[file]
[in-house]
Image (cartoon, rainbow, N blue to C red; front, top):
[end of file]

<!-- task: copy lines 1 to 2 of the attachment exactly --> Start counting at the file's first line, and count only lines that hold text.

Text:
[in-house]
Image (cartoon, rainbow, N blue to C red; front, top):